3 Tricks for Panning Your Camera in Circles
Discover three problem-solving and fun camera panning techniques that will spice up any video production.
Understanding the Basic Pan
You’ve seen it a million times. The camera pan is a horizontal rotation of the video frame from a fixed pivoting position. This fixed position, or swivel point, is typically shot from a tripod or handheld position.
The camera move is a ubiquitous and simple effect that helps establish spatial relationships within a single camera shot. This makes the camera pan a connective camera move, as opposed to the straight edit or cut, that can be used between characters, objects, and locations.
Trick 1: The Circling Pan
Since pans usually begin and end on a static, unmoving frame, one of the general rules of panning is that you need to know where to start and where to stop your movement. This simplifies editing your footage later on and cuts down on meandering pan shots that never seem to land on anything. However, not all pans follow this rule and cutting from one moving pan to another moving pan can work well depending on the style of your piece.
In the opening title sequence of Midnight Cowboy (1969), the filmmakers use a long lens to pan with John Voight’s character, Joe Buck, as he walks down the street. Except that John Voight isn’t walking down the street, he’s walking around the camera in a perfect circle so that the filmmakers can maintain critical focus while working with a shallow depth of field. The pan shots, all of which are telephoto close ups or medium shots, begin at 1:22.
The effect is simple and comes close to mimicking a tracking shot, which would have taken much longer to set up and accomplish. The filmmakers were able to keep Voight in critical focus because he maintained a constant distance from the camera, allowing him to remain sharp while the background gets lost in blurriness. The fact that the background is out of focus serves to mask the fact that Voight is walking in circles.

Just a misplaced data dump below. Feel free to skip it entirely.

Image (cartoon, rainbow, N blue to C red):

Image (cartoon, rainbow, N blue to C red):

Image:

Trick 2: The Whip Pan
Another general rule when panning your camera is that you should maintain a slow and steady rate of movement unless you want your image to blur and distort. It doesn’t help that CMOS sensors tend to exaggerate this distortion even further.
Image via Man with the 5D
However, this blur and distortion can be used for stylistic effect. The whip pan is a very rapid pan from a starting position to an ending position and countless filmmakers have used the whip pan, including Wes Anderson, Sam Raimi, and Paul Thomas Anderson, just to name a few.
The whip pan is a fun way to add energy into a sequence. Plus, you can easily hide a cut in the middle of the pan, thanks to the distortion and blur created by moving the camera so quickly. This secretive cut, which can be seen in some of Paul Thomas Anderson’s whip pans above (compilation via Kevin B. Lee), allows filmmakers to transition from one shot to another or from one scene to another like magic. Edgar Wright’s discussion of the close-up is helpful in considering the whip pan.
Trick 3: 360-Degree Pan
Panning your shot in a full circle can be used to establish an entire location or space and can even help build dramatic tension, as evidenced in this 360-degree shot from the 1981 film, Blow Out:
You’ll notice in the video above (via MGM) that the camera does a little more than simply pan around, but the key element at work is the round-and-round searching movement of the camera. The movement of the camera helps to transmit the sense of panic, paranoia, and confusion to the viewers.
Knowing how to pan is an essential element of video production, but knowing how to trick out your pans gives you a secret weapon on set. By using the circling pan, the whip pan, and the 360-degree pan, you can simply and rapidly keep your visuals interesting without many extra tools, or time, spent on set.
Want to learn more camera techniques? Check out our 5 Amazing Tripod Camera Moves post.